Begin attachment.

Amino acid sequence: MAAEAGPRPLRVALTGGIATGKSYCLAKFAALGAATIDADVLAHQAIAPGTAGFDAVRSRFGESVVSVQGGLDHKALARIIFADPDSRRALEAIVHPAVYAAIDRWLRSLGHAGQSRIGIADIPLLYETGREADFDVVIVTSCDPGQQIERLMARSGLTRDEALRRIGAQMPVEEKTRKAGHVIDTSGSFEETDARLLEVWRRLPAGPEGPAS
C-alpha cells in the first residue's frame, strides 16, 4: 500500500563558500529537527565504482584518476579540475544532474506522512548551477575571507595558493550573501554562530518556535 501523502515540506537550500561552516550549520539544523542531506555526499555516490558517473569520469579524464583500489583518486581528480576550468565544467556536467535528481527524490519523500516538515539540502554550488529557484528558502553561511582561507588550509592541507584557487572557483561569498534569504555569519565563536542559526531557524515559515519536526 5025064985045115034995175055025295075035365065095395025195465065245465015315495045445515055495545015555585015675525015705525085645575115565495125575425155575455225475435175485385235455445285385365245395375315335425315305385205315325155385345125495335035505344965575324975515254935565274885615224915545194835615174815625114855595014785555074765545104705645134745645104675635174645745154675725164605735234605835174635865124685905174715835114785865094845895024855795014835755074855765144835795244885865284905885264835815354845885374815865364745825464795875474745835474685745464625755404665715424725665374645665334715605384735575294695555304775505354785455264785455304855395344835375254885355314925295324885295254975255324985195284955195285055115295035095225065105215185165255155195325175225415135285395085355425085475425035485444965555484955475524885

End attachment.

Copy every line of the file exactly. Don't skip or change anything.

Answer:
Amino acid sequence: MAAEAGPRPLRVALTGGIATGKSYCLAKFAALGAATIDADVLAHQAIAPGTAGFDAVRSRFGESVVSVQGGLDHKALARIIFADPDSRRALEAIVHPAVYAAIDRWLRSLGHAGQSRIGIADIPLLYETGREADFDVVIVTSCDPGQQIERLMARSGLTRDEALRRIGAQMPVEEKTRKAGHVIDTSGSFEETDARLLEVWRRLPAGPEGPAS
C-alpha cells in the first residue's frame, strides 16, 4: 500500500563558500529537527565504482584518476579540475544532474506522512548551477575571507595558493550573501554562530518556535 501523502515540506537550500561552516550549520539544523542531506555526499555516490558517473569520469579524464583500489583518486581528480576550468565544467556536467535528481527524490519523500516538515539540502554550488529557484528558502553561511582561507588550509592541507584557487572557483561569498534569504555569519565563536542559526531557524515559515519536526 5025064985045115034995175055025295075035365065095395025195465065245465015315495045445515055495545015555585015675525015705525085645575115565495125575425155575455225475435175485385235455445285385365245395375315335425315305385205315325155385345125495335035505344965575324975515254935565274885615224915545194835615174815625114855595014785555074765545104705645134745645104675635174645745154675725164605735234605835174635865124685905174715835114785865094845895024855795014835755074855765144835795244885865284905885264835815354845885374815865364745825464795875474745835474685745464625755404665715424725665374645665334715605384735575294695555304775505354785455264785455304855395344835375254885355314925295324885295254975255324985195284955195285055115295035095225065105215185165255155195325175225415135285395085355425085475425035485444965555484955475524885